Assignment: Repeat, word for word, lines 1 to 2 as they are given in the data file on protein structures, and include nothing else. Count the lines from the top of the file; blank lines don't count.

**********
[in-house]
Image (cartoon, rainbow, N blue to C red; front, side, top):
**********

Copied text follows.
[in-house]
Image (cartoon, rainbow, N blue to C red; front, side, top):